In total 13 hours and 20 minutes of RGBHa frames, both 120s and 180s went into this picture. You can just about see the external halo surrounding the galaxy itself, and details in as well the core as in the spiral arms. Esprit120, ASI183mm, Baader HaRGB.
It has been cloudy for the last months, this February New Moon was totally clouded out! With exception of lastThursday, February 20th: after an active rain zone passed through – with heavy wind and hail – the night sky cleared out.
After midnight till 4 am a clearance allowed me to test the setup. The test subject was the dwarf galaxy Leo 1 next to the bright Regulus.
This image was a quick test. Not only for the optics/camera combination, but also for the automation. SGP was used to automate, autofocus, and Solve& Sync. Where before I could not match the Solve coördinates from SGP back into Cartes du Ciel, this time it worked. The secret was to run both applications as an administrator. So both will connect to the EQMOD hub. Syncing in CdC (Manually) will update the EQMOD coördinates, hence also the SGP co*ordinates. And it works in both directions: Solve & Sync in SGP will update CdC. This is great!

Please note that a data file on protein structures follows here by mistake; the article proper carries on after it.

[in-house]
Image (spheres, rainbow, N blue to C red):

I still had Luminance images also, but I did not add these: it were fuzzy frames and some reflections appeared. I suspect this Luminance filter is not ok.
It’s a challenge to image dark nebulae in light-polluted Flanders. So let’s try it!
This is the “little eagle” nebula, which I captured a few years ago as a tiny spot on a wide-field Plejades @180mm. Now the framing only features the Eagle head ; imaging with the Esprit and the ASI183mm.
It’s a bit dark – but what did you expect from a Dark Nebula? This is 10x300seconds on R, G and B channels and then 29x300s on Luminance. No Light Pollution filter used.
This is the overview, with on the right the Pleiades, and on the center left the Eagle Head (upside down).